John Hageman covers local business and North Dakota politics. He attended the University of Minnesota in the Twin Cities, where he studied journalism and political science, and he previously worked at the Bemidji Pioneer.
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GRAND FORKS—Grand Forks Air Force Base will not be a temporary shelter for unaccompanied minors coming across the southern border, U.S. Sen. Heidi Heitkamp, D-N.D., announced Monday. The U.S. Department of Health and Human Services was considering using the base to house the children, many of whom have tried to escape gang violence in Guatemala, El Salvador and Honduras in recent years.
GRAND FORKS, N.D.—Facing a three-month wait to get fillings at another dental practice, Carolyn Reigstad found herself at Aspen Dental in Grand Forks Friday morning. "I'm going to have it done here now," she said. Aspen Dental, a national chain with more than 500 locations, cited dental health professional shortages in North Dakota for its decision to open a Grand Forks location. But researchers said population centers like the city of Grand Forks aren't where North Dakota's need for dentists is most pronounced.
GRAND FORKS-- University of North Dakota interim President Ed Schafer relayed an optimistic message to campus Monday after North Dakota's governor announced cuts to the state's budget, but he also said "every dollar" at the university would be examined. In a video message emailed to students, faculty and staff, Schafer said the "university is well-positioned to be able to tackle those challenges, for all of us to roll up our sleeves so that we work together to reshape our budget, to reshape this university so that it will be stronger in the years to come."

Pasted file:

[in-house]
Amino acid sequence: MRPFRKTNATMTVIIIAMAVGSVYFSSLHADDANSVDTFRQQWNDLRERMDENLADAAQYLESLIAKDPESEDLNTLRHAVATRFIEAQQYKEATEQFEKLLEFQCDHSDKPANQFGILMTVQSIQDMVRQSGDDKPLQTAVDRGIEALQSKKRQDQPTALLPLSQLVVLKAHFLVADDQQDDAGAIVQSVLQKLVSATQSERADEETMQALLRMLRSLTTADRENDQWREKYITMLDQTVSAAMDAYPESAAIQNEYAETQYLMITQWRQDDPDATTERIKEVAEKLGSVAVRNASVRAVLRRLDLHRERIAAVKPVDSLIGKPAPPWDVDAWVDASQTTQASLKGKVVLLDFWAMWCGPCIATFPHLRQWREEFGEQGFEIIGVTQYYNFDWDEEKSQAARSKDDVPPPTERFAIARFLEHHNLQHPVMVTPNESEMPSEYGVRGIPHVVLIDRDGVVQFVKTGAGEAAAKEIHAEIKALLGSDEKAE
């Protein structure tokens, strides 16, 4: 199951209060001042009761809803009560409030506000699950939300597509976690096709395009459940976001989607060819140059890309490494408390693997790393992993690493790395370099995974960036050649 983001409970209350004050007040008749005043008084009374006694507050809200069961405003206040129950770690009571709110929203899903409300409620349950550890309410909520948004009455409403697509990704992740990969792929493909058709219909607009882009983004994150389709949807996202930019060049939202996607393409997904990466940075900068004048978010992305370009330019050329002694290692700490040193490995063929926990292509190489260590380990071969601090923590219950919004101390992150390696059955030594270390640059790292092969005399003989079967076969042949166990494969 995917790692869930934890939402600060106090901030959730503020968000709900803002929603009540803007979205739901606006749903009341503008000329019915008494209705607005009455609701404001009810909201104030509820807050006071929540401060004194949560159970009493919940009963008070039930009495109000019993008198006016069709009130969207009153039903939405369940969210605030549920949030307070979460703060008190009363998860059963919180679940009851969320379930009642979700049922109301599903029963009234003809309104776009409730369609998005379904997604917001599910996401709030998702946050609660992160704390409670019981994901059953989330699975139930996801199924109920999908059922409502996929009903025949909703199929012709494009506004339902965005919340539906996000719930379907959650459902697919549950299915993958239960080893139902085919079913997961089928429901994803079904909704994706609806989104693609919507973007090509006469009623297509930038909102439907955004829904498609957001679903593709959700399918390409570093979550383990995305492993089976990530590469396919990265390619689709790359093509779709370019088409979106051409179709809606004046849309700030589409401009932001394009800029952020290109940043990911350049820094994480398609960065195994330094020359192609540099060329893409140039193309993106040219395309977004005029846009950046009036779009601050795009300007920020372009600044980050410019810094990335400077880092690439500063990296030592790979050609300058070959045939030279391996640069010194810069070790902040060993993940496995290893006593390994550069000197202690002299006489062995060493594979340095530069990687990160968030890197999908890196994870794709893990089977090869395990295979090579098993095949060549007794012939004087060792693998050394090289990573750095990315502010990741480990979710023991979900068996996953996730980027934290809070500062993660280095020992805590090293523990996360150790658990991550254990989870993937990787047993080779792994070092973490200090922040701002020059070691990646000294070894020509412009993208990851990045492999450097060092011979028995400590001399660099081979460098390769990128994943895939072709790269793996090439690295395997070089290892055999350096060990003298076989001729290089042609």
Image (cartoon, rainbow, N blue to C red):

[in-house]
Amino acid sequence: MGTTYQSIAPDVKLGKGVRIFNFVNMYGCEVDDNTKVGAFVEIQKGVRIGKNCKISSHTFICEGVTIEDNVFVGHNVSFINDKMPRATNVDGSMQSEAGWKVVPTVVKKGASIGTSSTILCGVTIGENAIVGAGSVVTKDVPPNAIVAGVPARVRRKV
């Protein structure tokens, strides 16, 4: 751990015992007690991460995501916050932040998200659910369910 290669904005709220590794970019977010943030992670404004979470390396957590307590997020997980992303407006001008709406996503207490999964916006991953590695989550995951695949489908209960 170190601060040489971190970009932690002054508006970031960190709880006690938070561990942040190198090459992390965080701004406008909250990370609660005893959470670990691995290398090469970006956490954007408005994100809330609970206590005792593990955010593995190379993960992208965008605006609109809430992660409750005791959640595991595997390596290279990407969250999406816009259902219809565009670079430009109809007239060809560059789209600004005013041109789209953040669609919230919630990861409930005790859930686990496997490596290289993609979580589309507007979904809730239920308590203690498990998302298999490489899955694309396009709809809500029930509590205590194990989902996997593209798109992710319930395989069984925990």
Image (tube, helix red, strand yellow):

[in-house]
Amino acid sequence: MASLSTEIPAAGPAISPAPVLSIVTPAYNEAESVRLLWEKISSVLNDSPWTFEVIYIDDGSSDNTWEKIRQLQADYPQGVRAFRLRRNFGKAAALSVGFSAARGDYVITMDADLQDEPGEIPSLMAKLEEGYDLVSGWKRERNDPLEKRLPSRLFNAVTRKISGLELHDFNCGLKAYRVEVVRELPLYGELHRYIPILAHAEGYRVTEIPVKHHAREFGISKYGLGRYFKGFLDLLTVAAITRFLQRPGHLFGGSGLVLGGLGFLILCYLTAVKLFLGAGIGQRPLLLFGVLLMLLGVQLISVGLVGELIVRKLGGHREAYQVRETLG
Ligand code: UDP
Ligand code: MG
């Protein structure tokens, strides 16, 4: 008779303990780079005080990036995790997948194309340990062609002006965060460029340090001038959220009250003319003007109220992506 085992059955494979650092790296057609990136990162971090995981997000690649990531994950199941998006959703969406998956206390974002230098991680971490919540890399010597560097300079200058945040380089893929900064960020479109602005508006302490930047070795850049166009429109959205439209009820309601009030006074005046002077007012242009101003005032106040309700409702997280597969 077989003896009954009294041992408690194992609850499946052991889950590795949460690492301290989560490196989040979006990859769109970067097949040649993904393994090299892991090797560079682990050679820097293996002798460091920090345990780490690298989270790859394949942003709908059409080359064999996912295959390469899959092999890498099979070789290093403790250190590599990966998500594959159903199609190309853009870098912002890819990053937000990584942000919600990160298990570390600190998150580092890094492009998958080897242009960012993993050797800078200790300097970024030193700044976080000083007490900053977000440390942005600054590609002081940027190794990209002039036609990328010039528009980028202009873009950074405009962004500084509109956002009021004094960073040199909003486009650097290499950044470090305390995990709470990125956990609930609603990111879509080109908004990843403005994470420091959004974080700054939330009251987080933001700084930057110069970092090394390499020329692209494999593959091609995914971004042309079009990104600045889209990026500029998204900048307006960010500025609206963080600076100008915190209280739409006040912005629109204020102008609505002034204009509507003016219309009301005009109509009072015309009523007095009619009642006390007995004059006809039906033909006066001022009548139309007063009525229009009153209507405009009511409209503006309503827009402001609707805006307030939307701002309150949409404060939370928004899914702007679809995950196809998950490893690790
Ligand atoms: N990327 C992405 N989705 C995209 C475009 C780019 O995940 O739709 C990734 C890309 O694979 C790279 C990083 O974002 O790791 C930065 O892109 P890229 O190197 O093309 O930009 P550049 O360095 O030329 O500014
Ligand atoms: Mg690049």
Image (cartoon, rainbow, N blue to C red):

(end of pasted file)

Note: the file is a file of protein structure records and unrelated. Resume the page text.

GRAND FORKS, N.D.—A 16th candidate will interview to become the next president of the University of North Dakota. The committee searching for Robert Kelley's long-term successor voted Thursday to invite Minot State University President Steven Shirley to in-person interviews that start Monday in the Twin Cities, but it declined do the same for Cankdeska Cikana Community College President Cynthia Lindquist.
GRAND FORKS—The possibility that Grand Forks Air Forks Base could temporarily host unaccompanied minors crossing the country's southern border has drawn more criticism from members of North Dakota's congressional delegation. Sen. John Hoeven, R-N.D., said Wednesday "it doesn't make sense to bring unaccompanied alien minors to a northern tier Air Force base" like Grand Forks, which is about 1,500 miles north of the southern border. "Our objective should be to reunite these children with their families in their country of origin," he added in a news release.
GRAND FORKS, N.D.—It's almost a certainty that you won't become a billionaire by winning the Powerball. The odds of winning the estimated jackpot of $1.5 billion today is roughly one in 292 million, according to the Multi-State Lottery Association. Those are not good odds. One might even say they are very bad odds. Given those widely reported figures, why are people lining up for their (very small) chance of striking it rich, which, for emphasis, is almost certainly not going to happen?
GRAND FORKS—The dean of the University of North Dakota's aerospace school urged the university's administration to "take a stand in support" of the school last year over fears that a planned fertilizer plant would present a safety hazard to pilots in training, the results of a Grand Forks Herald open records request show. But Bruce Smith, dean of the John D. Odegard School of Aerospace Sciences, said last week Northern Plains Nitrogen project leaders have since addressed his concerns.
EMERADO, N.D.—A Wisconsin-based owner of land in Grand Forks County said Wednesday he still plans to appeal a decision to allow a crude oil pipeline to be built through his property. James Botsford said an appeal to the North Dakota Supreme Court should be filed later this month. He's fighting against the use of the land west of Emerado, N.D., for the Sandpiper Pipeline, which will carry oil from western North Dakota to Superior, Wis.
FORT TOTTEN, N.D.—A man has been charged with first-degree murder after he allegedly ran over another man with his car on the Spirit Lake Indian Reservation. Lance Alan Robertson, who is either 27 or 28 and is a member of the Spirit Lake Nation, made his initial appearance in federal court Thursday, the day after he was arrested in Fort Totten, according to court documents. He is accused of killing Larse Azure Jr. on Dec. 19.
GRAND FORKS—An article in one of the nation's largest newspapers exploring the aftermath of an alleged arson at a Somali restaurant in Grand Forks has generated some national goodwill.